5 Quick Tips for Prospective Homebuyers in Canada

First-time homebuyers in Canada have plenty of pitfalls to be careful of when navigating the minefield of real estate purchasing. Those first-timers looking for an efficient guide for homebuyers in Canada should keep these tips in mind when starting the journey. There’s nothing worse than unexpected expenses and other nasty surprises during the process that results in setbacks and buyer’s remorse.

Know What your Budget Can Afford

The primary cause of the 2008 financial crisis in the United States was subprime mortgages, which are primarily targeting first-time buyers who may not realize how much how they can afford. It’s easy to get stars in your eyes when you see that four-bedroom, three-bathroom dream home, but making purchases based on what you want and not what you can afford is a big no-no. Have a budget in mind before you decide on buying a house, so you know exactly how much you’re spending each month. Be sure to account for credit card payments, student loan repayments, and any other monthly expenses that you may have.

Always Get Pre-Approved for your Loan

What you think your budget can afford and what the bank is willing to loan to you are two vastly different sums. If you don’t get pre-approval for your mortgage before you start looking at houses, you’re wasting the time of everyone involved in the process. Mortgage loan approval is highly dependent on your income and credit score, so be sure there won’t be any changes to those two things while you’re seeking pre-approval for a loan. Mortgage loans have been known to fall through at the last minute if a person’s financial situation changes in any way.

You’re Not Going to Get Everything on your Checklist

First-time homebuyers go into house hunting with a massive checklist of must-haves for their new home, which often results in frustration for the real estate agent and their customer. Be realistic about your expectations and realize short of building your own home to your exact specifications, you’re probably not going to get everything you want on your list. It’s helpful to make a list of the absolute must-haves and then consider everything else you may want as a bonus. Be willing to compromise with your first home buying experience; otherwise you could end up renting for far longer than you anticipated.

Additional Expenses Will Pile Up

Homeownership seems appealing when you consider how much money is “thrown away” by renting, but it comes with more responsibilities and more costs that first-time buyers usually don’t consider. Property taxes, home insurance, house repairs, and other unexpected expenses can add up so consider saving some of your initial mortgage loans to cover these costs during the first few years in your new home.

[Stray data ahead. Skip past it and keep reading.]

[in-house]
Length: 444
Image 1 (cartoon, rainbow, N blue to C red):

Never Buy a Home You Haven’t Had Professionally Inspected

This point is pretty simple; if you haven’t had a home professionally inspected by an inspector you’ve hired, do not buy the home. It’s easy to fall in love with the layout and location of a house and ignore the faults it may have. Be able to keep your feelings in check and listen to an inspector. That beach home might be in your dream location, but if it has a cracked foundation, you’re in for a world of financial pain.

The Real Reasons Suppliers Really Matter

Businesses have partnerships and relationships across the industry. Without customers and client, the company isn’t going to be successful. Probably the most important connection is with your suppliers. The reason is obvious, right? They provide you with the resources you need to keep up with demand. Without the right materials, the business would fall flat and have to close its doors. It’s about keeping the supply line open to fulfill company orders.

As true as this may be, it’s not the only reason suppliers matter. Below are four more factors which put them at the top of the food chain.

Risk Prevention

There are a whole host of risks which come with dealing with suppliers. The fact that some don’t keep their promises is one of the biggest ones. Yep, certain organizations will take the money and promise the world yet come up with the goods later. Also, there are unforeseen circumstances and regulatory compliance to factor in too. In short, the wrong supplier can impact the company’s efficiency which can harm output. A quality partner is a firm which understands the risks and has backup plans from A through to Z and beyond. You need a supplier that is accountable and proactive to be successful.

Cost-Cutting

Slashing the business’ expenses is an unavoidable thing. Whether you are in the red or the black, it’s the only thing you will think of for months. The unlucky ones have to focus on cutting costs for years. Suppliers hold power in the palm of their hands. A deal can be expensive if the firm needs packaging for fireworks or other hazardous materials. The majority of companies will charge a pretty penny, and it’s money you can’t afford to waste. The good news is most are open to negotiation. If you promise to buy a big shipment or use them for the long-term, they will reduce the price per unit. Also, being punctual takes away from the return and overhead costs.

Brand Association